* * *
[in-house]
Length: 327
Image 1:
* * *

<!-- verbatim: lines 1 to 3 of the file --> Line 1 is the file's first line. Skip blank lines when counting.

[in-house]
Length: 327
Image 1: